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Game Commerce: Why retailers should consider Twitch

The pandemic’s effects on customer behavior in 2020 lead to significant changes in the e-commerce world. During lockdown many people turned to online shopping and other… View Article

RETAIL SOLUTIONS

Game Commerce: Why retailers should consider Twitch

The pandemic’s effects on customer behavior in 2020 lead to significant changes in the e-commerce world. During lockdown many people turned to online shopping and other virtual services such as gaming and esports.

Video gaming and streaming is at an all time high and has recently caught retailers attention. Right now, the UK has the world’s fifth largest and Europe’s second largest interactive gaming industry. The industry is twice as lucrative as it was a decade ago and one of the biggest players is Twitch. For many retailers this is still uncharted territory as the number of retailers who are using Twitch for advertising remains rather small compared to the size of the platform. The new collaboration between Amazon DSP and Twitch, which Amazon announced in September last year, now provides a bridge in the data gap that once plagued advertisers. But what possibilities does this new collaboration bring for retailers?

First of all, what is Twitch?
Twitch is a video live streaming platform where millions of users come together daily to game, stream or just chat. Although it originally gained its popularity through  gaming and esports, the platform is also being used to live stream other  content, such as cooking, workouts, music productions and more. The streaming platform reported 159 million viewers per month in 2020 and 26.6 million daily active users.

Here are 3 reasons why retailers should consider integrating Twitch in their marketing strategy

New diverse audiences
While the Twitch community is known for its hard-to-reach nature, they are highly engaged, loyal and composed of a diverse range of members with interests spanning from music and technology to films and food and everything in between. 81,5% of users are male, 55% of them aged between 18 and 34 years. This makes Twitch the perfect outlet to reach the Gen Z audience. You don’t have to be a gaming or tech related brand to target the Twitch audience. There are a lot of niche communities that include non-gamers, as well as the diverse interests of Twitch users. Many brands who don’t associate themselves with gaming such as make up, food, furniture and fashion are finding ways to promote their product on the platform. Brands like Red Bull, Old Spice, Pepsi, Burberry and many more have already teamed up with Twitch. Finding a niche within Twitch can be an exciting process for retailers and can help to build brand loyalty with future generations of buyers.

Specific targeting backed up by Amazon’s data
Neither Google nor Facebook know as much about the buying interests and behavior of consumers in the western hemisphere as Amazon does. Though Twitch has already been a part of Amazon since 2014, it only just made targeting available via the Amazon Demand Side Platform (DSP) in September 2020. The self-service solution allows retailers to create display and multimedia campaigns, based on Twitch user data on the platform and beyond. Retailers can create ads that appear both on platforms that belong to the Amazon family such as Twitch itself,IMDb Audible and many more, as well as in networks outside the Amazon ecosystem. Compared to sponsored ads, these ads have a much wider reach and can address target groups regardless of a specific product search. According to Amazon: “Brands running Amazon advertising campaigns can address the diverse interests of the Twitch community through Twitch video and display ad products. Advertising on Twitch will now have the added benefit of Amazon advertising’s unique audience insights and measurement for their campaigns”. Brands using Twitch with Amazon DSP have the ability to track exactly how many sales can be attributed to Twitch and adjust future media spend accordingly.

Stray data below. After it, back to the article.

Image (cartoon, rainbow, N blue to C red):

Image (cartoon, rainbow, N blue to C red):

Many ways to reach new audiences
Currently available as video inventory, advertisers can book instream (pre-roll and mid-roll) videos individually and in combination with other video supply sources. These ads are shown directly on Twitch channels in the form of 30 second maximum, non-skippable ads with the ability to click and “learn more” when viewed from a desktop or mobile device. Twitch videos are especially suitable for campaigns aiming for a good video completion rate or cost per video completion as the VCR is very high on the streaming platform. Additionally, retailers can place ads outside of Amazon using the same insights. Possibilities are endless for those willing to seize the opportunity.

To sum it all up, Twitch is a great opportunity for retailers to reach a fast growing new audience with many interests aside from gaming. With the combination of Amazon DSP, retailers are able to reach audiences based on specific customer data. While Twitch may not be for everyone, retailers who find a way to engage users, target the right community or get creative may be able to dominate the market. At the moment, marketing on Twitch is still in its infancy and there are many ways to reach audiences yet to be discovered. But as it always goes, for those who are eager to give it a shot: First come, first serve.

About the Author:
Nils Zündorf, Amazon expert and Managing Director of the largest European Amazon agency, factor-a, advises more than 150 manufacturers and brands on how to maximize their success on the sales platform. With the creation of factor-a suite, an intelligent software solution, the company helps retailers navigate, interpret and use e-commerce data successfully.

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